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The importance of folate, zinc and antioxidants

Catherine McDiarmid-Watt | Wednesday, October 17, 2018 | 0 comments

The importance of folate, zinc and antioxidants in the pathogenesis and prevention of subfertility
 Subfertility is defined as the failure to conceive after 1 year of regular, unprotected intercourse with the same partner.

Approximately 10–17% of all couples experience primary or secondary subfertility at some time during their reproductive life.

UV radiation destroys folic acid, a precursor for folate, the lack of which may result in birth defects.

Current treatments of subfertile couples are usually empiric, as the true cause of subfertility often remains unknown.

Therefore, we outline the role of nutritional and biochemical factors in reproduction and subfertility.

A literature search was performed using MEDLINE, Science Direct and bibliographies of published work with both positive and negative results.

The studies showed folate has a role in spermatogenesis.

In female reproduction, folate is also important for oocyte quality and maturation, implantation, placentation, fetal growth and organ development.

Zinc has also been implicated in testicular development, sperm maturation and testosterone synthesis.

In females, zinc plays a role in sexual development, ovulation and the menstrual cycle.

Both folate and zinc have antioxidant properties which counteract reactive oxygen species (ROS).

Thiols, such as glutathione, balance the levels of ROS produced by spermatozoa and influence DNA compaction and the stability and motility of spermatozoa.

Oocyte maturation, ovulation, luteolysis and follicle atresia are also affected by ROS.

After fertilization, glutathione is important for sperm nucleus decondensation and pronucleus formation.

Folate, zinc, ROS and thiols affect apoptosis, which is important for sperm release, regulation of follicle atresia, degeneration of the corpus luteum and endometrial shedding.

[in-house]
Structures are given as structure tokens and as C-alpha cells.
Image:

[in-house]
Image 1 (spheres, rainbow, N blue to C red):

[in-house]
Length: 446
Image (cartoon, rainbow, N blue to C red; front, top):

Therefore, the concentrations of these nutrients may have substantial effects on reproduction.

In conclusion, nutritional and biochemical factors affect biological processes in male and female reproduction. Further research should identify pathways that may lead to improvements in care and treatment of subfertility.

Read more: The importance of folate, zinc and antioxidants in the pathogenesis and prevention of subfertility


TODAY'S BOOK SUGGESTION:
Image: Ready: Why Women Are Embracing The New Later Motherhood, by Elizabeth Gregory. Publisher: Basic Books (December 25, 2007)Ready: Why Women Are Embracing The New Later Motherhood
by Elizabeth Gregory

-- Over the past three decades, skyrocketing numbers of women have chosen to start their families in their late thirties and early forties.

In 2005, ten times as many women had their first child between the ages of 35 and 39 as in 1975, and thirteen times as many had their first between 40 and 44.

Women now have the option to define for themselves when they're ready for a family, rather than sticking to a schedule set by social convention.

As a society, however, we have yet to come to terms with the phenomenon of later motherhood, and women who decide it makes sense for them to delay pregnancy often find themselves confronted with alarmist warnings about the dangers of waiting too long.

In Ready, Elizabeth Gregory tracks the burgeoning trend of new later motherhood and demonstrates for many women today, waiting for family works best.

She provides compelling evidence of the benefits of having children later -- by birth or by adoption.

Image: Buy Now on Amazon.comPaperback: 336 pages
Click to order/for more info: Ready

Image: Buy Now on Amazon.comStart reading Ready on your Kindle in under a minute!

Don't have a Kindle? Get your Kindle here, or download a FREE Kindle Reading App.







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Catherine

About Catherine: I am mom to three grown sons, two grandchildren and two rescue dogs. After years of raising my boys as a single mom, I remarried a wonderful man who had never had a child of his own. Unexpectedly, I found myself pregnant at 49!
Sadly we lost that precious baby at 8 weeks, and decided to try again. Five more losses, turned down for donor egg, foster care and adoption due to my age and losses - we have accepted that there will be no more babies in our house.

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